#WCW: Judith Natsai Theodora Kushata
Updated: Nov 9
By Tapiwa Prosper Chimbadzwa
Judith Natsai Theodora Kushata, is the Programme Design Officer at African Wildlife Foundation, Zimbabwe. She is responsible for all donor, stakeholder and government relations, analyze, review and pursue funding opportunities and calls for proposals, effective donor servicing through solicitation for donor visits to AWF landscapes, grant management support and financial tracking for donor compliance.
Question: Who is your inspiration and what motivates you to do this job?
Answer: I'm inspired by women in science in particular conservation. I'm motivated by the young women and men, family, friends and even foes who see me as a force to be reckoned with. Those who look up to me as an inspiration and those who view me as competition. Mostly, I'm motivated by my past and upbringing!
Question: How do you balance work and social life?
Answer: This balance is hard to strike, although necessary. I try to put my feet up on Saturday and go fellowship with others at church on Sundays. I love praise and worship sessions, a great way to start my week!
Question: What are the most exciting and most challenging experiences of your work ?
Answer: Most exciting experiences of my work are when you visibly see the impact generated from the fundraising efforts, government and stakeholder relations on the beneficiaries' faces, households, and communities .
Challenges include that beyond my efforts, some factors especially to do with funding are beyond my control and usually external factors come into play. Even though you would have justified a need for resources for beneficiaries, there is never a guarantee of getting those resources. The fruits of my work usually take time but when they pay off, they make the waiting worthwhile.
Question : What are the challenges being faced by women in conservation and what can be done to address them ?
Answer: This is a loaded question. Women in conservation much like women in general face issues to do with, for example, "it's a man's world" mantras. This has been de-mystified time and time again but that doesn't mean women's work has been cut out. Conservation has since time in millennia been a male dominated industry particularly so because of its nature: it is considered dangerous as in involves dealing with/encountering illicit often armed poachers and traffickers, traversing rugged terrain often without enough water or food, harsh environmental elements and wildlife and not forgetting how its deemed to take time away from the traditional view of a "functional household" where it's considered ok for a man to be away from the household for days or weeks on end looking for income/food to sustain the family while the woman stays at home to take care of the children and wait on the man and is considered morally wrong for a woman to do the same. The status quo that women are not bold, strong, biologically capable to do what the man can do set women back.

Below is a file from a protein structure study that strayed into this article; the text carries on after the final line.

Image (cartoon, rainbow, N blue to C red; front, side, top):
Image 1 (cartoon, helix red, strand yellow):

However, these challenges have propelled women in conservation to excel. I can name names of women who have shifted this narrative not only as global figures, but our local heroes who have managed to prove that women can be whoever and whatever they want to be, they can be just as good as men in conservation, be able to seat at tables where decisions are made, often times even bringing the table. Women in Science are Conservation Champions.
Photo credit: Natsai ; Location Mkambati, Eastern Cape, South Africa
Advice to aspiring conservationists.
Do not listen to the voices that are nowadays not even whispering but shouting at how conservation is a hobby and not a career path. Silence those voices through pursuing conservation which more often than not is driven by passion than income to be made from it. Remind yourself of how everything, literally everything is dependent on biodiversity conservation. The ecosystem needs you!
Photo credit: Natsai ; Location Nqadu, Eastern Cape, SA
Question : Do you think a mentorship program can be a good tool to motivate more young woman to take up conservation as a career ?
Answer: Definitely, when we started off, we hardly had any mentors to walk us through, there were no lessons to learn from or adoption of best practices. That platform or network of mentors did not exist, and it drove a lot of passionate young conservationists away from the sector.
Question: Would you take up some time to mentor a young person given an opportunity ?
Answer: It would be an honor to mentor aspiring conservationists
My aspiration to see a world, in particular Zimbabwe embrace local communities to such an extent that their voices are audible enough to be heard, considered, adopted in decision making processes and documents. Particularly so around issues to do with human wildlife conflict and its mitigation, early warning systems to avert disasters, climate change mitigation, and quota setting
What is your favorite animal ?
I don't think I have one particular one but if I'm to name, I love BBJs as ornithologists and affluent birders call them, in particular a Martial Eagle and I love spotted hyaenas for their role in the ecosystem, for being avid hunters despite them being associated as scavengers more.
Photo credit: Natsai ; Location Big Makalolo Wilderness concession in Hwange, Zimbabwe (2014).